Wisconsin officials find E. coli in bagged romaine salad from Salinas Valley, California
The Wisconsin Department of Health Services (DHS) reports that state officials have found Escherichia coli O157:H7 (E. coli O157) bacteria in an unopened bag of pre-washed chopped romaine collected from an ill person’s home. Additional laboratory testing is pending to determine if the E. coli O157 found in the pre-washed chopped romaine matches the strain causing the multi-state outbreak linked to romaine lettuce.
The discover was part of the ongoing investigation into the multistate outbreak of E. coli O157:H7 infections, Wisconsin health and food safety officials said.
The E. coli O157 bacteria was found in a bag of chopped Fresh Express® brand Leafy Green Romaine lettuce with a use by date of 11/14/2019 and lot code of Z301 A05B. The source of the romaine identified on the packaging was Salinas Valley, California.
While the bacteria was found in a bag of Fresh Express® brand romaine, it is important to note that not all ill persons in Wisconsin that are included in this outbreak have reported consuming Fresh Express® brand salads, according to the DHS. At this time, no single product, brand, or variety of salad has been reported by all ill individuals. The investigation is ongoing to determine the source of contamination and if additional products are linked to illness.
On Dec. 10, Minnesota state health officials said five Minnesotans have gotten sick from eating salad kits linked to an outbreak of E. coli.
The Minnesota Department of Health says the Minnesotans became ill between Nov. 8 and Nov. 16. Two people were hospitalized. The ill Minnesotans ranged in age from 21 to 91. Four were from the Minneapolis-St. Paul are and one from Greater Minnesota.
Officials say nine people from three states have gotten sick. The infections are linked to Fresh Express Sunflower Crisp Chopped Salad Kits.
The Centers for Disease Control and Prevention has issued a safety alert about the salad kits.
Check product labels
Officials advise consumers not to consume any products containing romaine lettuce from Salinas Valley, California, regardless of brand. While some romaine-containing products were recalled on Nov. 21, 2019, romaine from Salinas Valley is still available on many store shelves. It is important to look at product labels for any mention of Salinas Valley, California, and avoid purchasing these products.
DHS also advises consumers to check their refrigerators for any lettuce mixes containing romaine from the Salinas Valley and throw them away. Produce drawers and refrigerator surfaces should be cleaned thoroughly after throwing out the product.
As of Dec. 9, 2019, Wisconsin now has 33 cases included in this multi-state outbreak. Available epidemiologic, laboratory, and traceback evidence indicate that romaine lettuce from the Salinas, California, growing region is the likely source of this outbreak.
Illnesses in Wisconsin residents started on dates ranging from Nov. 7, 2019 – Nov. 19, 2019. Two cases of hemolytic uremic syndrome (HUS), a type of kidney failure, have been reported and 14 people have been hospitalized. At this time, 97% of ill persons report eating leafy greens in the week before becoming sick; 88% of ill persons report consuming or possibly eating romaine lettuce in the week before they became sick. Food safety and regulatory officials are still working to identify the potential source of contamination and understand how it happened.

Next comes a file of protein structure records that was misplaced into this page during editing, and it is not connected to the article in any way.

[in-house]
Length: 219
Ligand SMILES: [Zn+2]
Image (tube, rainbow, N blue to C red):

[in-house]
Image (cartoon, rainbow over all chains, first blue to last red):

DHS urges consumers to continue to avoid the purchase and consumption of romaine from Salinas Valley, California. Specific advice to consumers, restaurants, and retailers can be found on the CDC outbreak website or the DHS Outbreak webpage.
E. coli lawsuit filed
PRNewswire reported that OFT Food Safety & Injury Lawyers filed the first lawsuit in the multistate 2019 E. coli O157:H7 outbreak linked to romaine lettuce grown in Salinas, California. The lawsuit was filed in the Circuit Court for Milwaukee County (File No. 2019 CV 009273) on Dec. 5, 2019.
The Plaintiff in the lawsuit contracted an E. coli infection from lettuce purchased at Pick 'n Save in Kenosha, Wisconsin. She ultimately developed hemolytic uremic syndrome (HUS), a potentially fatal complication of E. coli infections that causes kidney failure. The suit names Roundy's Supermarkets Inc., the parent company of Pick 'n Save, as a defendant.
OFT Food Safety Lawyer Brendan Flaherty says that the outbreak shows a deep problem with the industry. "The human cost of E. coli contamination in romaine has been staggering. Where are the field-to-fork changes that will stop this from happening?"
Ryan Osterholm, Food Safety Lawyer at OFT Law, says his client wants answers to help stop future outbreaks. "This is at least the fifth E. coli outbreak in the last several years with leafy greens. Whatever is causing these outbreaks must stop. We fully intend to get to the bottom of exactly how a bag of lettuce almost killed our client."